Falling Construction Debris
News flash – construction generates a lot of rubble, so much so that special precautions are regularly taken to safeguard workers, neighbors and passerbys from falling construction debris.
Construction workers realize the danger and protect themselves, wearing hard hats whenever they are at a job site. They know that the risk of being struck by falling debris and suffering some form of injury is very high. Some 10% of fatal construction injuries are attributable to falling objects. One unfortunate drywall delivery man lost his life last year when he was struck on the head by a tape measure which fell from the top floor of a high rise project in Jersey City. He had forgotten to put on his hard hat.
Neighboring businesses which happen to be located adjacent to an active construction site, however, must rely on the contractor’s adherence to a number of safety precautions. Because they can do little to protect themselves, such neighbors depend on contractors to closely monitor the extent of foundation excavations, to erect protective safety netting where needed and to incorporate barricades, warning signs and other steps to safeguard both nearby persons and property.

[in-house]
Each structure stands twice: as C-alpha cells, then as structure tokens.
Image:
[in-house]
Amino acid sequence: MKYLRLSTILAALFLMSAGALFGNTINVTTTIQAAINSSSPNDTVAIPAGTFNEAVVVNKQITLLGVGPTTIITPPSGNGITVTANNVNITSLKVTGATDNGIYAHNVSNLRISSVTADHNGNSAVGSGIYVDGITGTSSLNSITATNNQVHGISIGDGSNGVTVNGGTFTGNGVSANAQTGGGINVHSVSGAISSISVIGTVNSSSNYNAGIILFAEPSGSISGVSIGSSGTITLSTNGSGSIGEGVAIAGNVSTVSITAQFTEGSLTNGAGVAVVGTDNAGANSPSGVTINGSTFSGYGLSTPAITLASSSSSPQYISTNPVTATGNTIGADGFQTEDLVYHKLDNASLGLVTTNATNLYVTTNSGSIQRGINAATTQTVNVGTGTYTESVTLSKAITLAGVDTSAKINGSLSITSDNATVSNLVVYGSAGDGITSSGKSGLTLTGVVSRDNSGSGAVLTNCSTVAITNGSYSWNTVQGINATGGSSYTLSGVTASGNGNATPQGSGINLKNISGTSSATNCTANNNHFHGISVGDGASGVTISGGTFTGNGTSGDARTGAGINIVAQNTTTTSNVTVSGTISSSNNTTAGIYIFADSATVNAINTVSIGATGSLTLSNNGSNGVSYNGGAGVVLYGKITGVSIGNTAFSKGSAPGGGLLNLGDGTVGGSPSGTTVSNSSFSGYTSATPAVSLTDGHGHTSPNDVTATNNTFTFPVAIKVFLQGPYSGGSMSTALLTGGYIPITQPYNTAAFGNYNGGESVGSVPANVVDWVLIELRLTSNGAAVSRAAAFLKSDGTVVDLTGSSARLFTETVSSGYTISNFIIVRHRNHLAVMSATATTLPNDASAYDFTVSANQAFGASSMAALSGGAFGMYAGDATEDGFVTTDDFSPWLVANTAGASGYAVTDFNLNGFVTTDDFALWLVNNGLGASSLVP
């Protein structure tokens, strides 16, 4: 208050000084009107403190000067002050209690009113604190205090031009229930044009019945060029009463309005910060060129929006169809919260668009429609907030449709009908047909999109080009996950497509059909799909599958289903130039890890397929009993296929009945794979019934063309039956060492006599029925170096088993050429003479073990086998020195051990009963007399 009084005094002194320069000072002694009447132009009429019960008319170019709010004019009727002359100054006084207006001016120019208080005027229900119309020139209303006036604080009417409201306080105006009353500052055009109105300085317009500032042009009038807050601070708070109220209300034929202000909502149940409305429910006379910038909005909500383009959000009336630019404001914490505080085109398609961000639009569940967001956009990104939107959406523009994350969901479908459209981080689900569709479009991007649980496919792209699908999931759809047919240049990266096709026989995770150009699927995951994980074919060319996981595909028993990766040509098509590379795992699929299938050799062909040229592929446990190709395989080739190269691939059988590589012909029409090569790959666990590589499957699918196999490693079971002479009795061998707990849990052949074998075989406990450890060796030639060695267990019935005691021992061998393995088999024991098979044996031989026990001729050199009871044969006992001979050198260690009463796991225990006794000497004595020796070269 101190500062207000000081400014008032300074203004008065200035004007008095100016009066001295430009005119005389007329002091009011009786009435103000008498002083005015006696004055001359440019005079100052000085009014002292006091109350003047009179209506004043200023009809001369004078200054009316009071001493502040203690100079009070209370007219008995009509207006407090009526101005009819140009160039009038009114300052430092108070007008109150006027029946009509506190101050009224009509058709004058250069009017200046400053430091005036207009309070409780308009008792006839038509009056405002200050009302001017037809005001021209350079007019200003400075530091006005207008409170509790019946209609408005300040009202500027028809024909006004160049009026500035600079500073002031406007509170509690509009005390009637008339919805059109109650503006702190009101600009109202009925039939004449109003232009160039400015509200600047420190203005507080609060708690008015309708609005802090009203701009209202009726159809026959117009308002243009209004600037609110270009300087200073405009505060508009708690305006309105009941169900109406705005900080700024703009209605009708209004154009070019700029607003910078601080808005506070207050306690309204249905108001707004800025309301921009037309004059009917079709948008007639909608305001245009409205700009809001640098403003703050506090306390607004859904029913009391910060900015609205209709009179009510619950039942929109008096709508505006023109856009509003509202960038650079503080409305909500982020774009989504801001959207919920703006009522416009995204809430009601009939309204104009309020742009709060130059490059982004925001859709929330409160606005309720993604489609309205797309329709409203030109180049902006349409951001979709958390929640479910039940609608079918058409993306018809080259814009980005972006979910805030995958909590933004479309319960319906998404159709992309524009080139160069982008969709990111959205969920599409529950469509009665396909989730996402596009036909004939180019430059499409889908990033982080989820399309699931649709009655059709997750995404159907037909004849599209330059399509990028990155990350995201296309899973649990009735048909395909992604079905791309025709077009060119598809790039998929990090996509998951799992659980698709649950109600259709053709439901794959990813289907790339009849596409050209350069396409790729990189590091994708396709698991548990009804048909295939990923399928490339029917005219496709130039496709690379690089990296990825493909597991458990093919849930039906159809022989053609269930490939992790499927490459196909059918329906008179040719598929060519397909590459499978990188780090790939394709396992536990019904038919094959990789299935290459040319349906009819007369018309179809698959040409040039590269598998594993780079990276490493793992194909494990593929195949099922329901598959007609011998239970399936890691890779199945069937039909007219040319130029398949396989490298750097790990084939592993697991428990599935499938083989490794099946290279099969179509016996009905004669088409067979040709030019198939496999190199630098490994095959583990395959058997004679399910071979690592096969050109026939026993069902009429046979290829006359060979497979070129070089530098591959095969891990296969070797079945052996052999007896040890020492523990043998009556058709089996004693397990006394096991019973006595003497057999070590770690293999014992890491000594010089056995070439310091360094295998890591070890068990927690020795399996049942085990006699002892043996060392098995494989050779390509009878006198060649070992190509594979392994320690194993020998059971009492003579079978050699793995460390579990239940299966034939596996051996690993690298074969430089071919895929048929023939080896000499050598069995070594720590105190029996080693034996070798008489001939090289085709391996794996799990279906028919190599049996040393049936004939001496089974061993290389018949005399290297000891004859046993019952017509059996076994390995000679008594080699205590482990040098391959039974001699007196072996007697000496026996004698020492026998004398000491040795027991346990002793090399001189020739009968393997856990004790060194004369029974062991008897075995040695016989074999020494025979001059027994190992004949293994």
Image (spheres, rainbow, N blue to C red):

The $1.05 billion, 5.4 million square foot Brickell City Centre project in Miami recently found itself the subject of a series of claims by a small neighboring art gallery and frame shop related to exactly these issues. Having collected a box full of fallen debris, with chunks of concrete and an actual hammer, the shop sued, alleging that this massive construction enterprise was causing real damage to its business. From seeking an injunction to stop work until proper safeguards are put in place to also seeking compensatory damages because of alleged losses it claims to have suffered, the shop has mounted a David versus Goliath legal battle and has not let up its fight despite some initial adverse rulings. This case has yet to make its way through the court to some sort of final adjudication, but it does serve as a clear warning to all those running an active job site. Going the extra mile to safeguard workers and neighbors alike is something all construction managers must take seriously. In fact, the owner of this project has placed safety netting over the shop as well as plywood walkways surrounding the construction site. There’ll be more to come on this story for sure.